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book inc  –  journal  –  Writing Openings To Keep Your Readers Reading
11/10/22
Writing Openings To Keep Your Readers Reading

It happens every time you pick up a new book. You turn to page one with a mix of excitement and trepidation. Will it draw you in? Or push you away? After reading the book’s opening lines, you know. This book isn’t for you. Or, every so often you experience that wonderful feeling—one of life’s great pleasures—that the author has a good story to tell. You’re in good hands.

This is no guarantee you’re going to like the characters, the twists and turns of the plot, or be satisfied by the ending, but the author, at least for now, accomplished their mission. You want to keep reading.

How do we make our readers feel like they are in good hands?

I posed this question in our Book Revision Lab, and our crackerjack novel and memoir writers got on it, analyzing comp titles that each gave us that “in good hands” feeling. Of the ones mentioned, some I had read like Wild by Cheryl Strayed and Crying in H Mart by Michelle Zauner. Others I want to read based on their dynamic openings, like One of Us Is Lying by Karen McManus, One Italian Summer by Rebecca Serle, and Genesis Begins Again by Alicia D. Williams.

Let’s take a closer look at a novel’s opening lines.

As for me, I chose French Braid by Anne Tyler. Tyler’s seemingly effortless prose makes it easy to sink into the story from the very first paragraph.

This happened back in March 2010, when the Philadelphia train station still had the kind of information board that clickety-clacked as the various gate assignments rolled up. Serena Drew stood directly in front of it, gazing intently at the listing for the next train to Baltimore. Why did they wait so long to post their gates here? In Baltimore, they told people farther ahead.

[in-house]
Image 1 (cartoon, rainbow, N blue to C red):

The opening line is so unfussy, simply saying “This happened in 2010 …”. Then the author presents the wonderful sensory detail of the “clickety-clacked” information board which transports us back in time. We also get a strong sense of Serena’s character in very few words–she’s impatient and she likes to compare.

Don’t you want to read on? I do.

Her boyfriend was standing beside her, but he was more relaxed. Having sent a single glance towards the board, he was studying his phone now. He shook his head at some message and then flipped on down to the next one.

Her boyfriend is more relaxed. How simple an explanation is that? But so effective. Humans like to compare things. Contrasting our characters is a quick way to make them real. The dude is distracted looking at the phone.

Sentence by sentence Tyler masterly spins the opening of her story with plain, seemingly effortless prose. She gives us wonderful details that spark our interest. We have questions and she answers them, not withholding anything, allowing us to settle into the story as the stakes become absolutely clear. Will Serena be happy with her boyfriend? Will they make it?

Revision is key to polishing your opening lines.

The openings of the other books taught us similar tricks on how to keep up the vivid and continuous dream, as John Gardner called it, making sure there is absolutely nothing that pulls your reader out of the dream. That distracts them.

These skilled writers make it look easy but it’s not. It’s hard work. I’m sure they revised their openings over and over again to make them seem so effortless.

That’s how we put our readers in good hands. We keep revising. And learn from the best.